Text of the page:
With the auxiliary muscles, the body position, the loading modality (measured during sets of 5 reps at 80%)  and the maximal weight the participants were able to press in each of the four 1RM max attempts Saeterbakken and Fjmland's data on the shoulder presses, alone, is therefore about as extensive as Boeckh-Berhens' and Buskies' data on four or five totally different exercises. Plus their subjects, 22y old lifters with on average 5 years of training experience may be a better model for at least some of you.
Figure 1: Activity pattern of the deltoid and auxiliary muscles (* indicated p < 0.05; data based on Saeterbakken. 2012)
Let's get to the results, now. As the data if figure 1 goes to show you, there are a couple of statistically significant differences, which are in some cases (the asterisks on the lowest level, directly above the bar) related to the training equipment (i.e. dumbbell vs. barbell), in other cases, such as the activation of the posterior deltoid, for example due to doing the exercise standing vs. seated (asterisks about the lines connecting the respective bars denote p < 0.05).

For those who missed the original Facebook post on the first Saeterbakken study (Saeterbakken. 2011), here is a brief summary: Using electromyographic activity (EMG) of the superficial core muscles (i.e. rectus abdominis, external oblique and erector spinae) and comparing the data of seated, standing, bilateral and unilateral dumbbell shoulder presses the researchers found that their 15 healthy male study participants had the greatest core activitation, when they performed their five repetitions at 80% of one-repetition maximum... 
  • rectus abdominis (abs)
    - standing unilaterally
  • external oblique
    - standing unilaterally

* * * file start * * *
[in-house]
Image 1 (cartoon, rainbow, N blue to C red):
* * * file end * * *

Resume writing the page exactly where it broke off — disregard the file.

• erector spinae (lower back) - standing unilaterally
For some of the muscles the different positioning does not really matter, but in each and every case the standing unilateral dumbbell press had a slight (if insignificant) edge on the rest of the exercises.
Just as in the unofficial prequel to this 2nd study by Saeterbakken and Fimland I discussed on Facebook earlier this week (see box to the right for a summary, if you don't want Facebook and the world to know the color of the boxer shorts you're wearing, today), the overall pattern that emerges from this very recent follow up study is that ...
"[...] the standing dumbbell press exercise, which was the exercise with the greatest stability requirement (standing + dumbbells), demonstrated the highest neuromuscular activity of the deltoid muscles." (Saeterbakken. 2012)
Now what's particularly intriguing to this result is that the superiority of the complex movements became obvious despite the fact that the subjects moved the least weight during this exercise. In the aforementioned study by Boeckh-Behrens & Buskies, for example, the exercises which allowed the greatest leverages, usually produced the highest muscular activity, as well.

How can we explain this difference?